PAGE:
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The Next Big Idea in the Democratic Primary: Expanding the Supreme Court?

6 minute read

When Antonin Scalia died, Senate Republicans held his seat open for a record 293 days under the argument that the successor should be chosen by the next president — hopefully, to their minds, a Republican. When Democrats responded by filibustering that nomination, the GOP majority voted to eliminate the old 60-vote rule on Supreme Court nominations.

Now some progressives think it’s time for Democrats to play a little hardball of their own.

An aggressive campaign is in the works to prod Democratic presidential candidates to back a proposal to add four judges to the nation’s highest court. The group, rather transparently calling itself Pack the Courts, wants the additional judges to undo the court’s current 5-4 conservative majority.

And while they’re at it, the group wants to expand the number of judges on lower federal courts, too.

“The Left isn’t nearly as enthusiastic about the Court as the Right is,” said Kate Kendell, who is leading the Pack the Courts campaign. “This is a bold and brash and provocative and critical strategy. Anything that helps to counter the feckless hand-wringing that so many in Democratic leadership have engaged in, I’m all for.”

While still on the periphery of the Democratic debate, the idea has already gained traction.

Former Attorney General Eric Holder said last week that the next Democratic president should “seriously” consider adding new seats to the court. At least two candidates have flirted with the idea. Sen. Kirsten Gillibrand of New York says she’s open to packing the court with reliably liberal justices. Mayor Pete Buttigieg of South Bend, Ind., wants to go a step further, making the Supreme Court a 15-person affair. (His plan, based on an article in the Yale Law Journal, calls on five justices appointed by each party, and another five named unanimously by the 10 appointed justices.)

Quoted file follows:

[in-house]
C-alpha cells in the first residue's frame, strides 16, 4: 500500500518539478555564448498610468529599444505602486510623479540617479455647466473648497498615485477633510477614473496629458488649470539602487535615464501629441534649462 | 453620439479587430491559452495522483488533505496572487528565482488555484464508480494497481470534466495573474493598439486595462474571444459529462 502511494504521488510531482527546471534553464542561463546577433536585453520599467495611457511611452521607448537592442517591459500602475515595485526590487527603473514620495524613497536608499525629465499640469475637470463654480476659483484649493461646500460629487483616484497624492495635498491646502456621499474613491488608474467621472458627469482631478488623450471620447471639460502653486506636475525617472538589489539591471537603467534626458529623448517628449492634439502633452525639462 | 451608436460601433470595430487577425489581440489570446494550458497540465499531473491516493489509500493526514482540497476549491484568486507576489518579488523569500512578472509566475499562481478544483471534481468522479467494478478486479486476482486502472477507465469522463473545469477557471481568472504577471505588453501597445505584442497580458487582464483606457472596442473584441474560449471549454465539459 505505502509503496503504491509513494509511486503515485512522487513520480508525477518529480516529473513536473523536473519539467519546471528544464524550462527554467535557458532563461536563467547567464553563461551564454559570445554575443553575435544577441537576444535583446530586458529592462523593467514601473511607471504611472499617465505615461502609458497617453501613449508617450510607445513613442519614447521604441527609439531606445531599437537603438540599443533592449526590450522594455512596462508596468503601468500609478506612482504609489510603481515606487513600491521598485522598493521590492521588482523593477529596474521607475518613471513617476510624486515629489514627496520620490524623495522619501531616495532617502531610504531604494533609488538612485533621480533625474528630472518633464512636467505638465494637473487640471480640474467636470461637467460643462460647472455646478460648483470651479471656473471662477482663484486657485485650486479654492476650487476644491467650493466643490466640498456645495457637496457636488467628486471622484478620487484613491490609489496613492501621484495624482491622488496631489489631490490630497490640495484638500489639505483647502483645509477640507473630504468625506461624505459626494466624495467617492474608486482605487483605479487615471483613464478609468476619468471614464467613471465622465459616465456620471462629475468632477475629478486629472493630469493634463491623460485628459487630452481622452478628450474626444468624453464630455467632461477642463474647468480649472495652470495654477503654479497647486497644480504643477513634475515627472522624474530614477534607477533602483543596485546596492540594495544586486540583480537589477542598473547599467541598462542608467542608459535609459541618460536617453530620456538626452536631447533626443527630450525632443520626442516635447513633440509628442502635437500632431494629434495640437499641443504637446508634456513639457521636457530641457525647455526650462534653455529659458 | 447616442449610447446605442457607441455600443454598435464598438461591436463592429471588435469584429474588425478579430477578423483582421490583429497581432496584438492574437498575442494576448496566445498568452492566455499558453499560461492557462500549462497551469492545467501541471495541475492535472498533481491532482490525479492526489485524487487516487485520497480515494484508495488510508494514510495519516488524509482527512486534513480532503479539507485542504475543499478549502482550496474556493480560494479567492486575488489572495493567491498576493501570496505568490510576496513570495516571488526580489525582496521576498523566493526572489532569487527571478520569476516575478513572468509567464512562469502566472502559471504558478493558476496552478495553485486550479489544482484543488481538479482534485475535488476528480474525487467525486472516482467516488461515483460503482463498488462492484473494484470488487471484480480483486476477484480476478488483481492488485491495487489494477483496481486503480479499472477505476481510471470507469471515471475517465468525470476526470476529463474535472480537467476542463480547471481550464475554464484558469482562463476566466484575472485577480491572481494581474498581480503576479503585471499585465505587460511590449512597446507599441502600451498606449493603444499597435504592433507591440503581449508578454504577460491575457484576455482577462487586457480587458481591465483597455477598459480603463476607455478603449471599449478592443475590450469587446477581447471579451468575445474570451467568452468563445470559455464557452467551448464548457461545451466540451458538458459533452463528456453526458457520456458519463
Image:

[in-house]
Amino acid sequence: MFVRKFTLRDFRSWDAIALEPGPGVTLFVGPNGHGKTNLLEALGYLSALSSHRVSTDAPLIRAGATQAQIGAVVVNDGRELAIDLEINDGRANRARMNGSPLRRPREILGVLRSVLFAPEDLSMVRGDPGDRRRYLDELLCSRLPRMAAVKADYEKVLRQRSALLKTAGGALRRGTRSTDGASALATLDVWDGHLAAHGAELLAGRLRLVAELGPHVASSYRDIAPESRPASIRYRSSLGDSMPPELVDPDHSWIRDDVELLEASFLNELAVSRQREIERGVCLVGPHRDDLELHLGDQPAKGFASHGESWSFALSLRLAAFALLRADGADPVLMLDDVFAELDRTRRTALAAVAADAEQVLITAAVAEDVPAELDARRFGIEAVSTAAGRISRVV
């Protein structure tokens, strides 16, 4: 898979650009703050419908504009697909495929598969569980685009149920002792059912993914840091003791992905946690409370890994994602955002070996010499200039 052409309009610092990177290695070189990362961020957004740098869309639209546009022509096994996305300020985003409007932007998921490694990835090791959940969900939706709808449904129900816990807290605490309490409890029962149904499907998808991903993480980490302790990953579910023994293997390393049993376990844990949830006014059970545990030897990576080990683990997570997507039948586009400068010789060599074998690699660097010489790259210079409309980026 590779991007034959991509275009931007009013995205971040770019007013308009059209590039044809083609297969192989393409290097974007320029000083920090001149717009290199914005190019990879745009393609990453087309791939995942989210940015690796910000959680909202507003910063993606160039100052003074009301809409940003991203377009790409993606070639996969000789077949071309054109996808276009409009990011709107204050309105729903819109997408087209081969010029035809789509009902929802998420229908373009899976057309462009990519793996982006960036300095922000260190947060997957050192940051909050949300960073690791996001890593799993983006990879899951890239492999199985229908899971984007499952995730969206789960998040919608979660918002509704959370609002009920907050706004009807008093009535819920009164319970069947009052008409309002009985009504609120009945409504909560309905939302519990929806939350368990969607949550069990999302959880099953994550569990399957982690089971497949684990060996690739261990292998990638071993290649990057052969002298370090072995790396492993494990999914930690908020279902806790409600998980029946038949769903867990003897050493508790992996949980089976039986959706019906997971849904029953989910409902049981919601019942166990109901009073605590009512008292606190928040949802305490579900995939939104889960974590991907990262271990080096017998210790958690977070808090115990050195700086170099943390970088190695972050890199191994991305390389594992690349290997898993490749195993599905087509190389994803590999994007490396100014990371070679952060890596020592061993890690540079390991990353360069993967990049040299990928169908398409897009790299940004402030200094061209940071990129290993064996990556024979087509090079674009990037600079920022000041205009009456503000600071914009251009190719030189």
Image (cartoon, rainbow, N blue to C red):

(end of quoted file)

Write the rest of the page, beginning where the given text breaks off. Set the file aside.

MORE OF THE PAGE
Buttigieg argued that the dramatic proposal would actually help the court in the long run by defusing some of the recent drama over nominations.

“It takes the politics out of it a little bit, because we can’t go on like this where every time there’s a vacancy, there’s these games being played and then an apocalyptic ideological battle over who the appointee is going to be,” Buttigieg said during a recent visit to New Hampshire. “If we want to save that institution, I think we better be ready to tune it up as well.”

President Franklin Roosevelt pushed a court-packing plan during the Great Depression after a conservative court stymied some of his economic proposals. That plan was a non-starter in Congress, though some argue that it was successful in pushing the justices to reconsider their stalwart opposition to the New Deal.

From time to time, a similar suggestion to pack the courts has come back to the fore. For instance, in 2017, the co-founder of the conservative Federalist Society proposed a court-packing plan for Trump. That plan received scant embrace from Republicans and plenty of criticism. Appellate Judge William Pryor Jr., whom Trump has considered for the Supreme Court, argued in an opinion piece that “there is nothing conservative — or otherwise meritorious — about this proposal.”

Some progressives now worry that their plans for dramatic new policies such as a Green New Deal to fight climate change, various Medicare for All proposals to expand government-run health insurance or efforts to break up corporate monopolies might run into a brick wall at the Supreme Court, just as the Affordable Care Act faced court challenges from the Right under President Obama.